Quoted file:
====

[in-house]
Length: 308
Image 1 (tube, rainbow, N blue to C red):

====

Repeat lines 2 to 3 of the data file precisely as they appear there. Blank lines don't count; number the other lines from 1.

Length: 308
Image 1 (tube, rainbow, N blue to C red):